Aducanumab is a monoclonal antibody (a man-made molecule that mimics the human immune system) designed to remove the build-up of amyloid plaque from the brains of those affected by dementia.
Plaques of harmful amyloid protein are associated with poor brain health and memory problems, as they impair and kill neurons (nerve cells in the brain). Pharmaceutical companies have been focusing on developing treatments that remove amyloid in the hope it will slow this process and delay the onset of Alzheimer's-caused dementia.
Aducanumab, produced by the drug company Biogen, was today approved for use in the US by the country's Food and Drug Administration (FDA) under the name Aduhelm. It is the first new drug for Alzheimer's disease to receive approval in nearly two decades. Existing treatments target the symptoms of the disease, rather than the underlying causes.
Professor Gallacher said: 'This is exciting news for Alzheimer's disease. It is the first encouragement after 20 years of disappointing trial results, and should spur other companies to dust off and take another look at their own monoclonal antibody drugs.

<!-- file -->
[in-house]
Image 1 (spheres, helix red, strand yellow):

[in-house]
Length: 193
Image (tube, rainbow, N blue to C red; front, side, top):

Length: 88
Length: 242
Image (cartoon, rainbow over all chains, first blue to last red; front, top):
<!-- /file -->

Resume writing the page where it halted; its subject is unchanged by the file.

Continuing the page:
'Whether this is the answer to Alzheimer's disease, however, remains to be seen. The theory behind the drug makes sense, but the inconclusive results of the initial trial suggest that further work is required before firm conclusions can be drawn. The FDA decision reflects a balance of potential benefit vs risk, rather than clear benefit. We will all be watching eagerly to see how patients who take aducanumab progress.
'Nevertheless, for people with Alzheimer's disease this is a real sign of hope. While expectations should be tempered given aducanumab is only likely to work for those with early-stage disease, this decision not only provides a treatment option but re-energises drug development.'